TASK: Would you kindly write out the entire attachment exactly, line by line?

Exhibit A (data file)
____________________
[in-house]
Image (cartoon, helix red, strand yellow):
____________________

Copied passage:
[in-house]
Image (cartoon, helix red, strand yellow):